The beginning of a new academic year is both a busy and joyous time at Rice. Just over a week ago we formally welcomed 965 new freshmen and 35 transfer students into our community. And over the last week, 1,075 new graduate students arrived on campus, joining disciplines ranging from applied physics to art history and from music to chemical engineering.
Most students know that Rice doesn’t have a business major. What they might not realize is that Rice also doesn’t have a journalism program, a photojournalism major, a visual design program or a public relations major — interests that instead coalesce in the tiny space that is the second floor of the Ley Student Center.
Welcome to the start of another year at Rice! This is my favorite time of year. The academic calendar follows a cyclical rhythm — each spring is a bittersweet goodbye as our seniors move on to the next stage of their lives, and then before you know it, the excitement of greeting our New Students is upon us.
Companies should strive to go beyond “quotas” for underrepresented groups as their measure of diversity and inclusion. Diversity and inclusion are reflected in how marginalized groups are treated by others, the opportunities available to these groups and the amount of respect given to a person’s voice. Even if a company has an equal demographic split, can they really say they are diverse or inclusive if select people experience bias or lack opportunities for success?
For the last four years, we have spent every Monday night upstairs in the Rice Memorial Center, neglecting schoolwork, social events, friends (as our suitemates can attest) and even our own birthdays to produce the weekly newspaper that shows up in your college’s commons every Wednesday.
Rice is often praised for its unique ability to foster community through the residential college system. As a key site of interaction for students and faculty, residential colleges allow students to build relationships with adult members of the Rice community including associates, college coordinators, magisters and resident associates.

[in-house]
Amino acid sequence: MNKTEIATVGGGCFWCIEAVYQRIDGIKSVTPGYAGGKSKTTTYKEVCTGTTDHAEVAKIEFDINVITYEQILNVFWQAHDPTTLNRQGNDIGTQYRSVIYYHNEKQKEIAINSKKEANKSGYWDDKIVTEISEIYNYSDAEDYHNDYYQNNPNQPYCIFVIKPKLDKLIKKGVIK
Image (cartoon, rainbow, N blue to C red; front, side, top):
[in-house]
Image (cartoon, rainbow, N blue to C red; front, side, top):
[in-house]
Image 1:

Conservative students are a minority at Rice, like they are on many other college campuses. This can make it difficult to facilitate equally weighted political dialogues.
At the beginning of this year, the Thresher received a tip that the Rice student health insurance policy, Aetna, only covers abortions in the event of rape, incest or the endangerment of the life of the mother. An examination of the policy confirmed this tip to be factual.
Do not let disagreements with the Trump administration invalidate the need to restore democracy and human dignity to the people of Venezuela.
Beer Bike is arguably the most important social event on the Rice calendar. Students call it the best day of the year or even Christmas. From the early wake-up to the Martel sundeck to the water balloon fight to the races, it is a day of celebration and a journey outside of the normal obligations of being a college student.
This Friday, will Rice President David Leebron pose for a photo with the vice president of the United States, or will he stand outside with his students? Leebron has articulated a broad set of Rice’s values, but Mike Pence’s record contrasts sharply with that set of values.
The student body will vote on a new amendment to the Student Association constitution in a special election that opens April 8. The proposition on the ballot is this: SA legislation shouldn’t need sponsorship from a voting member of the SA Senate.